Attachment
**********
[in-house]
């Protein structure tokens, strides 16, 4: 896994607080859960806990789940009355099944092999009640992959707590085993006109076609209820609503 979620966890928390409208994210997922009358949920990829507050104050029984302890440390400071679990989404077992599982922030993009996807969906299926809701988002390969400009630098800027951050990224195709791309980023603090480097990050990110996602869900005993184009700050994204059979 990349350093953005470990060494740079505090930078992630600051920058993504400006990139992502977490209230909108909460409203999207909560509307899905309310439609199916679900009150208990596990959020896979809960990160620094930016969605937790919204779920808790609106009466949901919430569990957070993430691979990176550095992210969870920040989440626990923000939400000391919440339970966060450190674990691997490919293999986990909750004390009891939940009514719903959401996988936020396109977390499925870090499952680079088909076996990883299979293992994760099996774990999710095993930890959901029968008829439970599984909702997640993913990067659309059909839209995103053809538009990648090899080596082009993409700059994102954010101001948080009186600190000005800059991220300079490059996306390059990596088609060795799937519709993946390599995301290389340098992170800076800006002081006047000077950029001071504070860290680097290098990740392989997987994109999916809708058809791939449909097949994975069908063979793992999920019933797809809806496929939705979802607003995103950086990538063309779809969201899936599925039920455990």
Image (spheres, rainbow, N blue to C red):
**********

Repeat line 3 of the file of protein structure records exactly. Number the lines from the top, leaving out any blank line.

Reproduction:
Image (spheres, rainbow, N blue to C red):